LAMP-2 deficiency leads to hippocampal dysfunction but normal clearance of neuronal substrates of chaperone-mediated autophagy in a mouse model for Danon disease.
Bottom Line: Intellectual dysfunction observed in the human disease suggests a pivotal role of LAMP-2 within brain.The absence of LAMP-2 in murine brain led to inflammation and abnormal behavior, including motor deficits and impaired learning.The absence of LAMP-2 did not apparently affect MA or steady-state levels of selected CMA substrates in brain or neuroblastoma cells under physiological and prolonged starvation conditions.
The Lysosomal Associated Membrane Protein type-2 (LAMP-2) is an abundant lysosomal membrane protein with an important role in immunity, macroautophagy (MA) and chaperone-mediated autophagy (CMA). Mutations within the Lamp2 gene cause Danon disease, an X-linked lysosomal storage disorder characterized by (cardio)myopathy and intellectual dysfunction. The pathological hallmark of this disease is an accumulation of glycogen and autophagic vacuoles in cardiac and skeletal muscle that, along with the myopathy, is also present in LAMP-2-deficient mice. Intellectual dysfunction observed in the human disease suggests a pivotal role of LAMP-2 within brain. LAMP-2A, one specific LAMP-2 isoform, was proposed to be important for the lysosomal degradation of selective proteins involved in neurodegenerative diseases such as Huntington's and Parkinson's disease. To elucidate the neuronal function of LAMP-2 we analyzed knockout mice for neuropathological changes, MA and steady-state levels of CMA substrates. The absence of LAMP-2 in murine brain led to inflammation and abnormal behavior, including motor deficits and impaired learning. The latter abnormality points to hippocampal dysfunction caused by altered lysosomal activity, distinct accumulation of p62-positive aggregates, autophagic vacuoles and lipid storage within hippocampal neurons and their presynaptic terminals. The absence of LAMP-2 did not apparently affect MA or steady-state levels of selected CMA substrates in brain or neuroblastoma cells under physiological and prolonged starvation conditions. Our data contribute to the understanding of intellectual dysfunction observed in Danon disease patients and highlight the role of LAMP-2 within the central nervous system, particularly the hippocampus.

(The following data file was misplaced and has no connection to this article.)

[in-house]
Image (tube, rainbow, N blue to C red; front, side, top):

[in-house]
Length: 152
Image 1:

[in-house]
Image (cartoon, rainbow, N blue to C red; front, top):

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Mentions: LAMP-2A is reported to be the rate-limiting factor in CMA [14,15]. Such proteins that are degraded via CMA include those associated with neurodegenerative diseases such as MEF2D, Htt as well as the glycolytic enzyme GAPDH . Thus, we assessed a potential accumulation of these substrates, due to the lack of the CMA receptor LAMP-2A, through analysis of brain lysates from knockout animals as well as in vitro after stable knockdown of LAMP-2 in murine neuroblastoma cells (N2a). Absence of LAMP-2 expression in cortex and hippocampus (Figure 6a) did not affect the steady-state levels of MEF2D (Figure 6b), GAPDH (Figure 6c) or Htt (Figure 6d, Additional file 6a). Expression levels of Htt were also found to be unchanged in striatum (Figure 6d) which is the primary site of neuronal damage in Huntington`s disease. Similarly, stable knockdown of LAMP-2 in N2a cells using shRNA directed against LAMP-2 mRNA significantly reduced protein levels of LAMP-2 (Figure 6e) but not LAMP-1 (Additional file 6b) and did not alter steady-state levels of MEF2D (Figure 6f), GAPDH (Figure 6g) or Htt (Figure 6h). Furthermore, an accumulation of MEF2D within the cytosol, which has been reported after blockage of CMA by LAMP-2 silencing , was not revealed neither in LAMP-2-deficient primary neurons (Additional file 6c) nor in brain sections (Additional file 6d). The typical nuclear localization of this protein was observed independent of the expression of LAMP-2.Figure 6